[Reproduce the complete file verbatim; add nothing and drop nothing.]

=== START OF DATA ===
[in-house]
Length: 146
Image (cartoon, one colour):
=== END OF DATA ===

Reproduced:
[in-house]
Length: 146
Image (cartoon, one colour):